Friday, November 7, 2014

Entering a new state of thinking about exit slips

When I saw an article “The Many Uses of Exit Slips” by Robert Marzanno, I thought this would be an easy pat on the back for me.  I have been utilizing exit slips in math and recently expanded them to more curricular areas. But what I realize is that I have really only scratched the surface.  Marzano spoke about the four different ways you can utilize exit slips.  I realized upon reading this article that I have really been using exit slips only one way- getting formative assessment data.  

I would like to utilize them more in student self-assessment.  I can see asking questions after writing asking students to assess their effort (especially in editting).  I can also see using some instruction strategies in science/discovery ed to inquire about what part of the lesson they felt were the most informative (videos, explorations, etc.)

I have a low-tech way of collecting exit slips (stickie notes on a poster board).  But that system is working for me (and my aging eyes).  Now I need to ramp it up and use it more regularly in a wider variety of ways.

Saturday, September 13, 2014

I felt very inspired and challenged when reading Sal Khan’s article on being smart versus showing effort.  I agree that effort should be the focus over perfection or the correct answer.  I was so inspired I further searched for more articles and resources.  I found another article “Reinforcing, Reminding, and Redirecting” and books: The Power of Words, Choice Words and Opening Minds: Using Language to Change Lives.  I plan on purchasing them and working on language that I can feel authentic about using.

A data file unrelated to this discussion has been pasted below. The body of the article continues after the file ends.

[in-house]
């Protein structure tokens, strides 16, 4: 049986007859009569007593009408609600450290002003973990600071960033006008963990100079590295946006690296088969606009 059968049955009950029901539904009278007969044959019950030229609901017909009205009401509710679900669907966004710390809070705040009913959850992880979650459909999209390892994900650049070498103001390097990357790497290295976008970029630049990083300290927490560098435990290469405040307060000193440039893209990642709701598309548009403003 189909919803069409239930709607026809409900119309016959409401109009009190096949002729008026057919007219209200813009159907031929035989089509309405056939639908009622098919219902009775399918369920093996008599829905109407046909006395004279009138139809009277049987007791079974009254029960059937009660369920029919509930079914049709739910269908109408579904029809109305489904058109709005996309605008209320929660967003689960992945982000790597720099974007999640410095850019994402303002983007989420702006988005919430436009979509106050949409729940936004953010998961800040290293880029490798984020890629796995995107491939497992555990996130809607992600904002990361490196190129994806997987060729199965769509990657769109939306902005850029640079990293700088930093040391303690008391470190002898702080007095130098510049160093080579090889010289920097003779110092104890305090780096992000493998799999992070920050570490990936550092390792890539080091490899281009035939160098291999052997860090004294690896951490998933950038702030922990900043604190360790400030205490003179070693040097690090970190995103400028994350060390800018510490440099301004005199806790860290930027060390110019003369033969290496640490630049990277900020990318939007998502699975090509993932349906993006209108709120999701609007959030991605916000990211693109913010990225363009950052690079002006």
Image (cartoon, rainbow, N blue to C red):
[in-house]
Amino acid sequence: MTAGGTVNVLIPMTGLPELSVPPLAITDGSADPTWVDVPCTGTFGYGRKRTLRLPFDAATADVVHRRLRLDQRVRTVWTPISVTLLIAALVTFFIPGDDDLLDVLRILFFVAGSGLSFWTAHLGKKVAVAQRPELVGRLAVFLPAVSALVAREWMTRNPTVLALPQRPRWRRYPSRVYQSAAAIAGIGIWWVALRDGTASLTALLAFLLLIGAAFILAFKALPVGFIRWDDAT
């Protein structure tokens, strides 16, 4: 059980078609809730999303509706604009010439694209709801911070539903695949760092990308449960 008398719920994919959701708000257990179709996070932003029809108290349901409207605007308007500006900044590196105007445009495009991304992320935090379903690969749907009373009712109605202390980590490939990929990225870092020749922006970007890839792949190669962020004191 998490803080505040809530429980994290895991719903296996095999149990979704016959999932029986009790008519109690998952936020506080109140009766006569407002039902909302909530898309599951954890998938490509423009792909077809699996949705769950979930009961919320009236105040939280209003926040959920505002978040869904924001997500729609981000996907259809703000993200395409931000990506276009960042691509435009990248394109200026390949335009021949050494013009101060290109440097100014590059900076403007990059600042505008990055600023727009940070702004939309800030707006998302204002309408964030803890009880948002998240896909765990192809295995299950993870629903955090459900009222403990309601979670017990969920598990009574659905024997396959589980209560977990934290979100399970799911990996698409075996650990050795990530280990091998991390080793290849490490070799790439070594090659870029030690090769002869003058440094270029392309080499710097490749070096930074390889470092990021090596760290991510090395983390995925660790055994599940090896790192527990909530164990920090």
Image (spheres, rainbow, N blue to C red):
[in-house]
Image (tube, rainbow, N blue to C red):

There was an interesting take that rather than do a shout out for a kid: “I like the way Johnny is standing in line.”  Turning that into “I see that some students have remembered the procedure for lining up.  This puts the ownership and pride on the students.  The students must then self assess whether or not they qualify for the praise. Students need to begin working on whether or not their performance is ok rather than rely on the teacher to praise them.

Friday, August 8, 2014

Blogging again

It has been awhile since I have blogged.  But I have been inspired to start a new blog dedicated to reading.  Here is the post that I would like my students to respond to:

Knowing yourself as a reader is really important.  Knowing your strengths and weaknesses can help you grow and improve your reading enjoyment.

I am an avid reader, but mainly in the summer when I have down time.  This summer I read over 16 books (adult books, chapter books and even picture books!).  I read textbooks, realistic fiction, true stories, humorous stories and enjoyed them all.  Sometimes I was reading four books at a time.  I don’t think that is a good idea because my focus became too divided.  I felt like I was juggling too many balls.

Who are you as a reader?

Link to my new blog

Thursday, August 7, 2014